Most of the 97,000 recipients statewide will take the job-search class after Nov. 1, when attendance and aggressive job hunting - contacting 15 employers a week - are required to keep receiving welfare checks.

Federal money in the balance

Huge purses of federal money rest on the success of the new program, called WorkFirst. Failure to meet the federal government’s demand to reduce the rolls could cost the state up to $20 million a year.

State welfare officials have responded with a hard-line program.

Public assistance is temporary, they say. With few exceptions, the poor must work.

To grease the transition from welfare to work, state lawmakers expanded child care and transportation subsidies, and changed rules to boost the income of the working poor, allowing them to continue receiving welfare grants while they collect paychecks.

“The philosophy of moving people out of dependence is a matter of emancipation, of self-determination,” said Bernie Nelson, regional administrator for the Department of Social and Health Services in northeast Washington.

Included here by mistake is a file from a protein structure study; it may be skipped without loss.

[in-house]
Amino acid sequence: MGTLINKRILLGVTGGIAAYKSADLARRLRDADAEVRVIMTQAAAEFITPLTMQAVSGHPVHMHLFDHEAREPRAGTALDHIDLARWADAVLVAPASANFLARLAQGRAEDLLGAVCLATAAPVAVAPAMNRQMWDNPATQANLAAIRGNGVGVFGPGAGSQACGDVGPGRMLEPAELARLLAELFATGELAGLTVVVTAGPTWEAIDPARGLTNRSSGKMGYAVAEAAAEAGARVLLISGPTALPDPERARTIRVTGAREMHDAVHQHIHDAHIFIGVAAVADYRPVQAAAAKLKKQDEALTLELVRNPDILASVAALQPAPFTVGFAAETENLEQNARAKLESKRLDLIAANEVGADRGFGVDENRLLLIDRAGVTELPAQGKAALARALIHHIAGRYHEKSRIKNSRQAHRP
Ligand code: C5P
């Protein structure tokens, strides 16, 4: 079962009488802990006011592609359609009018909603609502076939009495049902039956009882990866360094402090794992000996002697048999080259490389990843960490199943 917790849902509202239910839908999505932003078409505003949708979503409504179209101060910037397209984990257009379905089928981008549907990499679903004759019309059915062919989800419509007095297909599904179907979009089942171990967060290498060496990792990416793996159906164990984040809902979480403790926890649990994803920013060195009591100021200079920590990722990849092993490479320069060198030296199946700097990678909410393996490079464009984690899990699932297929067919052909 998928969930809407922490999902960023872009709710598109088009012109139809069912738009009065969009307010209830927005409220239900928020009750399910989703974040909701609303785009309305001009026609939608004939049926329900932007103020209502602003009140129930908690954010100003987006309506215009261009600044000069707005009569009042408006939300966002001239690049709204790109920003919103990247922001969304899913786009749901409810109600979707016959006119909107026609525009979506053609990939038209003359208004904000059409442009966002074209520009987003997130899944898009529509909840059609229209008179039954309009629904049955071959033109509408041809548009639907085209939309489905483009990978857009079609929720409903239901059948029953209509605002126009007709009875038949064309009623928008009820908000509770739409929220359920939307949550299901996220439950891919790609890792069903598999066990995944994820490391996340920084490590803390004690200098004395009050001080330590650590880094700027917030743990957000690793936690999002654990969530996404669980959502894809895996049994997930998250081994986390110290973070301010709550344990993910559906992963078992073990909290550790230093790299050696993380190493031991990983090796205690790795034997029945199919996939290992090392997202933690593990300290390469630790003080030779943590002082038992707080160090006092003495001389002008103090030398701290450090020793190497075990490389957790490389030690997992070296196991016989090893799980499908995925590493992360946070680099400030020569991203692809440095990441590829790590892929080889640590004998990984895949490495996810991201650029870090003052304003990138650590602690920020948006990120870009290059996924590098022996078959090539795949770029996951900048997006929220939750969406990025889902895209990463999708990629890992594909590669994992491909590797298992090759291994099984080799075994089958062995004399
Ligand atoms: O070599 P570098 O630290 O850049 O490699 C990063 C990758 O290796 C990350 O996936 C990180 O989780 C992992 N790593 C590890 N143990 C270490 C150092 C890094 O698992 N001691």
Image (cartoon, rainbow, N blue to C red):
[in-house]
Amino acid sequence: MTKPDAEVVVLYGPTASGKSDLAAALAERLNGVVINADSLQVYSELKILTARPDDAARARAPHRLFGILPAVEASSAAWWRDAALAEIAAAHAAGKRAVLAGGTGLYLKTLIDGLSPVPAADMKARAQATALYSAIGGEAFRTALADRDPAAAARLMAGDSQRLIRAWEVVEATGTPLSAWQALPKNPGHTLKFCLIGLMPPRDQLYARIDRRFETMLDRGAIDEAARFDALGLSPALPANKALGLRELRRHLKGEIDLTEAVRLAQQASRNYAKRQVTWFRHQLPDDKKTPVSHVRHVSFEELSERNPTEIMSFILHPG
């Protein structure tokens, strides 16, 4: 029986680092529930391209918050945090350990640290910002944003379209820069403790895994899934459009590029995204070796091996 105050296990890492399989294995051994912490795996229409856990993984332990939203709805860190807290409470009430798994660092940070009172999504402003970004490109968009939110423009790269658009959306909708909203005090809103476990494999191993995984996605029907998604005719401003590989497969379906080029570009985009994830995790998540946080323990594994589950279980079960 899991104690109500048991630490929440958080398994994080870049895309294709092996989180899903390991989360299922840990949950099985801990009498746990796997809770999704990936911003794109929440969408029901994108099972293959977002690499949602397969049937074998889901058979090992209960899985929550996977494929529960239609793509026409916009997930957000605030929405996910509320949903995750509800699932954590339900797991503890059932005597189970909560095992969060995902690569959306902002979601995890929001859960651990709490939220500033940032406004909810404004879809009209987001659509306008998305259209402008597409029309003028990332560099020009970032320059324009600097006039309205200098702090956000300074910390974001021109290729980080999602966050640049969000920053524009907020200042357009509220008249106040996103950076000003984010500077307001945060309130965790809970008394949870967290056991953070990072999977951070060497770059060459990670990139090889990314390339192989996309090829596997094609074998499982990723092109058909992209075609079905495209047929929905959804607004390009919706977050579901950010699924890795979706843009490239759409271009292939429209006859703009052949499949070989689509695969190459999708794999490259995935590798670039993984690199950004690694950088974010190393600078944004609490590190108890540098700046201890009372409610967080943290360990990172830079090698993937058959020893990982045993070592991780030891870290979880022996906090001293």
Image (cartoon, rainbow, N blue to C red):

“It’s so bedrock in this capitalistic culture. The whole movement here is an attempt to develop the work ethic.”

With 10 pages of help-wanted ads in the Sunday Spokesman-Review and the lowest state unemployment rate in 20 years, officials are optimistic that many will leap off welfare.

The job-search classes are supposed to be the springboard.

Domingo, 49, leads his class with direct sincerity. A Vietnam War veteran, he wears Army boots to remind himself: “I’m a soldier in the war on poverty.”

The curriculum is designed to place low-skill workers into entry-level jobs. Domingo’s students received detailed pointers on landing a job, including appropriate job interview responses, office behavior and dress.

Among the practical tips: Don’t come to a job interview with kids. Wait for the potential employer to extend his hand first. Avoid drinking the night before. Eat a breath mint before the interview.

The men and women listened intently. Some hadn’t held a job since the Reagan administration.